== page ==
China's military weapons

China’s PLA Navy launches new electronic intelligence ship

The vessel, delivered to North Sea Fleet combat support flotilla based in Qingdao, one of nation’s six electronic reconnaissance ships

PUBLISHED : Thursday, 12 January, 2017, 3:49pm
UPDATED : Thursday, 12 January, 2017, 10:42pm

China’s People’s Liberation Army Navy has launched a new electronic reconnaissance ship, state media said on Thursday, the latest addition to an expanding fleet.

The announcement comes as Beijing’s new assertiveness to territorial claims in the South China Sea fuels tensions.

The PLA Navy now operated six electronic reconnaissance vessels, the English-language China Daily newspaper said, noting that the PLA “has never made public so many details about its intelligence collection ships”.

Last year, the PLA Navy commissioned 18 ships, including missile destroyers, corvettes and guided missile frigates, the newspaper said.

Taiwan scrambles jets, navy as China’s aircraft carrier enters Taiwan Strait

China has also said it is building a second aircraft carrier. China’s only carrier is the second-hand, Soviet-built Liaoning, which unsettled neighbours on Wednesday when it sailed through the Taiwan Strait when returning from exercises in the South China Sea.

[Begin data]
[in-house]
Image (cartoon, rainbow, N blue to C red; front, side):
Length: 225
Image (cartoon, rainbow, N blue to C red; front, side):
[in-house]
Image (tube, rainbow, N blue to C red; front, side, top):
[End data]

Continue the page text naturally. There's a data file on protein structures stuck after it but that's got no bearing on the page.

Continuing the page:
The new electronic reconnaissance ship, the CNS Kaiyangxing or Mizar, with the hull code 856, was on Tuesday delivered to a combat support flotilla of the North Sea Fleet at the eastern port of Qingdao, the China Daily said.

“The Kaiyangxing is capable of conducting all-weather, round-the-clock reconnaissance on multiple and different targets,” the newspaper said, citing Chinese defence media as comparing it to sophisticated vessels produced only by countries with advanced militaries, such as the United States and Russia.

J-15 fighter jets from China’s Liaoning aircraft carrier make South China Sea debut

Regional naval officials say Chinese ships now increasingly track and shadow US and Japanese warships in the South China and East China seas, even during routine deployments.

China claims almost of the South China Sea, believed to have huge deposits of oil and gas, through which about US$5 trillion in ship-borne trade passes every year, and has been building up military facilities like runways on the islands it controls.

Brunei, Malaysia, the Philippines, Taiwan and Vietnam also have claims.

China has said it has no hostile intent and wants to manage the dispute through bilateral talks with the other claimants. But Beijing has been involved in a diplomatic spat with Washington over ship and aircraft patrols in the region.

On Wednesday, US President-elect Donald Trump’s nominee for secretary of state, Rex Tillerson, said China should be denied access to islands it has built and placed military assets on in the South China Sea.